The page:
Read this book, my mum said. It’s really heart-warming, she said.
Heart-warming? Heart-warming?! I started tearing up on about page 50 and cried pretty much continuously until the very end.
It’s not just my mum who had this completely warped reading of it, oh no, the reviews are littered with it too; ‘sheer girlish pleasure;’ ‘warm and witty;’ ‘one to lift even the most cynical of spirits.’
Was I reading a different book to everyone else?
Not that the amount it made me cry was necessarily a bad thing. I quite like a good weepy book every now and then, it just wasn’t what I went into it expecting. And it wasn’t why I picked it off the shelf.
The Guernsey Literary and Potato Peel Pie Society is another epistolary novel, which is fast becoming one of my favourite formats of books. It’s such a sweet, personal way to get into a story. In this particular book the letters centre around Juliet, a journalist living in London writing to her publisher, Sidney and various residents of the tiny island of Guernsey, who tell her about their daily life and their experiences living during World War II.
World War II is usually a topic I avoid at all costs in literature. I studied it at school every year from the ages of 10 to 16 and I still haven’t quite got over it. Like how reading a book for English lessons ruins any enjoyment you might have got from it; studying World War II has destroyed any interest I might have found in that period of history. But the way this book was pitched meant that I didn’t really expect the war to be a prominent feature.
I also, to be honest, had no idea the Channel Islands had even been involved in World War II. Those six years of history lessons never once mentioned them. And in general they do tend to get a bit overlooked in relation to all things British. So maybe it was that seeing the war from a completely different perspective, from people who had to live alongside Nazi soldiers on occupied territory, breathed new life into the topic. Or maybe it was because by the time the war starts to be a prominent theme I was already into the flow of the writing style and hooked on the characters. Or maybe it’s that eight years on I’m finally ready to get back on that horse and take an interest in one of the most defining periods of history. Because I have to admit, I’m starting to reassess the books on my shelves and actively look for World War II fiction.
It was the events that take place during World War II that caused me to sob my way through the book. Seeing the civilian side of it was in a way so much harder to take than the books I have read that tend to focus more on the soldiers and nurses and those who were actively involved. The residents of Guernsey were just stuck living with these atrocities, which were often being carried out by German soldiers who were just as unwilling.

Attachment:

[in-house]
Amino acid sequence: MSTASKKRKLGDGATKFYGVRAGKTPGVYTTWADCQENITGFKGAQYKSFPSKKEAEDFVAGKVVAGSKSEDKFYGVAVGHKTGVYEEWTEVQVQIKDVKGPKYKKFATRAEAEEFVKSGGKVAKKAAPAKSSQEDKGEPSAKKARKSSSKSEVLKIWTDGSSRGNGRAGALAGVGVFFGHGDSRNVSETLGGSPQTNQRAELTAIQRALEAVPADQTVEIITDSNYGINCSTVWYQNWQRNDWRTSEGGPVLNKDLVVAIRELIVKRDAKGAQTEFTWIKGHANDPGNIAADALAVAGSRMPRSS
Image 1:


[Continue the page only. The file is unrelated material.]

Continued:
If all this talk of war and misery and death is completely putting you off, don’t let it. Because in amongst the tragedy there are some hugely entertaining characters, Isola especially, and some truly laugh out loud moments.
There’s also a pathetic attempt at a love story tacked on as an afterthought but you can probably tell from my attitude that it’s better we don’t speak of that. After all, it takes up very little time in the grand scheme of things, barely worth mentioning.
The writers of this novel – Mary Ann Shaffer and Annie Barrows – are both American but I never once came across a cultural anachronism in the book. Carry On was also British based but written by an American and I never really relaxed enough into the Britishness to forget that. The need to be British almost felt forced with the unnecessary references to Margaret Thatcher and Britpop whereas for the whole of The Guernsey Literary and Potato Peel Pie Society it never even occurred to me that the author was American. So well done on your research, ladies.
But I couldn’t review this book without mentioning the many many similarities it has to 84 Charing Cross Road. A female writer with a modern attitude and witty, slightly sarcastic personality holds a correspondence with some well-meaning, thoroughly British people shortly after the Second World War, which begins with the sharing of books and grows into a long distance friendship? Now where have I heard that before? This book certainly owes a lot to Helene Hanff but fortunately I enjoyed The Guernsey Literary and Potato Peel Pie Society enough that I can forgive the liberties it took with originality. If I’d liked it less I might have started to bandy around words like ‘derivative,’ ‘plagiarism’ and ‘fraud’ but I’ll let them get away with it because if they’re going to copy, at least they copied really really well.